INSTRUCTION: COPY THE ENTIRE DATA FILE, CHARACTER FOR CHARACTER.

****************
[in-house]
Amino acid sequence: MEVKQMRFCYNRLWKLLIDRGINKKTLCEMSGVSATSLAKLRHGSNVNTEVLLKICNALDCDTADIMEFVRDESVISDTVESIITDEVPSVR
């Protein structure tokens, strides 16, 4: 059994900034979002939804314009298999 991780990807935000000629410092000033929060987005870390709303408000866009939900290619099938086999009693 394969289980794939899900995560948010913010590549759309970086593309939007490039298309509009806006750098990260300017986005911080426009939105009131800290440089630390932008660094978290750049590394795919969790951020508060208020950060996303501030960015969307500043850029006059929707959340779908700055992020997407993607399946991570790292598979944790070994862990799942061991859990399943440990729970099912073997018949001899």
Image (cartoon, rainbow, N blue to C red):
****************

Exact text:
[in-house]
Amino acid sequence: MEVKQMRFCYNRLWKLLIDRGINKKTLCEMSGVSATSLAKLRHGSNVNTEVLLKICNALDCDTADIMEFVRDESVISDTVESIITDEVPSVR
């Protein structure tokens, strides 16, 4: 059994900034979002939804314009298999 991780990807935000000629410092000033929060987005870390709303408000866009939900290619099938086999009693 394969289980794939899900995560948010913010590549759309970086593309939007490039298309509009806006750098990260300017986005911080426009939105009131800290440089630390932008660094978290750049590394795919969790951020508060208020950060996303501030960015969307500043850029006059929707959340779908700055992020997407993607399946991570790292598979944790070994862990799942061991859990399943440990729970099912073997018949001899």
Image (cartoon, rainbow, N blue to C red):